the film


Commentaries and editorials

Environmental Group Sues Army Corps
Over Pollution from Columbia River Dams

by George Plaven
Capital Press, December 8, 2021

Temperatures higher than 68 degrees can cause stress
and disease among salmonids, leading to significant die-offs.

An adult sockeye salmon photographed in the Columbia River near Drano Lake in Washington in July of 2015 covered in fungus caused by thermal stress. (USGS photo) PORTLAND -- An Oregon environmental group is suing the U.S. Army Corps of Engineers claiming the agency pollutes the Columbia River with heated water, oil and other toxic chemicals at three hydroelectric dams between Portland and the Tri-Cities in southeast Washington.

Columbia Riverkeeper filed the lawsuit on Dec. 8. It alleges the Corps has failed to obtain permits regulating pollutants discharged into the Columbia River at The Dalles, John Day and McNary dams, in violation of the federal Clean Water Act.

Miles Johnson, senior attorney for Columbia Riverkeeper, said the dams are making the river too warm for endangered salmon and steelhead.

"Our runs of salmon and steelhead in the Columbia Basin are in serious trouble," Johnson said. "It's really disappointing to see the Army Corps refuse to even comply with our basic laws for protecting clean water."

According to the lawsuit, pollution is occurring daily at the dams, threatening the health and survival of anadromous fish.

Columbia Riverkeeper initially sued the Corps in 2013 over discharges. The lawsuit was dropped a year later after the agency agreed to apply for Clean Water Act permits through the Environmental Protection Agency.

Those permits still have not been issued seven years later, Johnson said.

"We don't think anyone, especially the federal government, is above the law," he said. "We're asking for the Army Corps to follow the law and reduce pollution going into the river."

Matt Rabe, spokesman for the Corps' Northwest Division, said the agency applied for the EPA permits in 2015 and takes its Clean Water Act obligations seriously.

"Our team is working tirelessly to find solutions that balance all of the purposes of the system, including the needs of fish and wildlife, flood risk management, navigation, power generation, recreation, water supply and water quality," Rabe said.

Water temperature is one of the "pollutants" regulated by the EPA under the Clean Water Act. Both Oregon and Washington have established a maximum temperature of 68 degrees Fahrenheit for the Columbia River to protect salmon and steelhead runs.

Temperatures higher than 68 degrees can cause stress and disease among salmonids, leading to significant die-offs.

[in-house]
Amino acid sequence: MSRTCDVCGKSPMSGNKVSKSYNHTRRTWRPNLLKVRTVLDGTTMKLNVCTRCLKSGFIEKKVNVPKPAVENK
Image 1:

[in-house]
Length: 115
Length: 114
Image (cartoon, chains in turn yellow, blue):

A recent EPA report for the Columbia and Snake rivers concluded that water temperatures regularly exceed 68 degrees at the dams between July and October.

Johnson said Clean Water Act permits could address this problem several ways. They might require the Corps to improve fish ladders at the dam, or draw down the reservoirs during the warm summer months to keep cooler water moving quickly through the system -- rather than sitting stagnant and absorbing sunlight.

However, Rabe said that though the pools behind the lower Columbia River dams are considered reservoirs, they are largely not storage reservoirs but rather run-of-river facilities.

"This limits our ability to impact water temperatures by drawing down water levels in the spring," he said.

Other users of the Columbia River system have questioned the temperature standard for salmon, arguing it is not realistically achievable and threatens the dams' continued operations for navigation, hydropower and water supplies.

Kurt Miller, executive director of Northwest RiverPartners, said the temperature standard adopted in Oregon and Washington is setting the dams up for failure.

Northwest RiverPartners is a group based in Vancouver, Wash., that advocates for hydroelectricity, transportation and agriculture within the Columbia River system.

Looking at the EPA's report released last year, Miller said water coming into the system from farther upstream was already warmer than 68 degrees -- suggesting there is nothing dam operators can do to meet the target.

While the lawsuit does not specifically mention breaching dams, Miller said unachievable temperature standards could be used as a mechanism to further argue for dam removal.

"I think it gets at the motivation they're going for," he said.

Scientific research into the effect of dams on river temperatures is also mixed. In 2002, the Pacific Northwest National Laboratory in Richland, Wash., published a study indicating dams might actually offer a degree of protection, since it takes longer for larger bodies of water to heat than smaller waterways.

Combined with producing carbon-free electricity, Miller says productive hydroelectric dams should be part of the solution to combating climate change and keeping waters cool for fish.

George Plaven
Environmental Group Sues Army Corps Over Pollution from Columbia River Dams
Capital Press, December 8, 2021

See what you can learn

learn more on topics covered in the film
see the video
read the script
learn the songs
discussion forum
salmon animation